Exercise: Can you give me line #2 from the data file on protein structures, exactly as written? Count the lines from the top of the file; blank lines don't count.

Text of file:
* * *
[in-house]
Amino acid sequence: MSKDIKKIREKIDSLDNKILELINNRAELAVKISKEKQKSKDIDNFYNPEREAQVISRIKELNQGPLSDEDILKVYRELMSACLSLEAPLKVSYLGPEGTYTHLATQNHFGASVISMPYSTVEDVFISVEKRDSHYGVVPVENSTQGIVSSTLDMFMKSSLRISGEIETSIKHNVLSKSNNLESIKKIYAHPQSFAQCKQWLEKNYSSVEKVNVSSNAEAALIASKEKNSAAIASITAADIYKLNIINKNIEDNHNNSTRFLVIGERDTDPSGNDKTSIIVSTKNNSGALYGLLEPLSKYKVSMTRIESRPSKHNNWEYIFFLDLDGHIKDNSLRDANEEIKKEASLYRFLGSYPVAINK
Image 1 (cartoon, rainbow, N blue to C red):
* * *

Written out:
Amino acid sequence: MSKDIKKIREKIDSLDNKILELINNRAELAVKISKEKQKSKDIDNFYNPEREAQVISRIKELNQGPLSDEDILKVYRELMSACLSLEAPLKVSYLGPEGTYTHLATQNHFGASVISMPYSTVEDVFISVEKRDSHYGVVPVENSTQGIVSSTLDMFMKSSLRISGEIETSIKHNVLSKSNNLESIKKIYAHPQSFAQCKQWLEKNYSSVEKVNVSSNAEAALIASKEKNSAAIASITAADIYKLNIINKNIEDNHNNSTRFLVIGERDTDPSGNDKTSIIVSTKNNSGALYGLLEPLSKYKVSMTRIESRPSKHNNWEYIFFLDLDGHIKDNSLRDANEEIKKEASLYRFLGSYPVAINK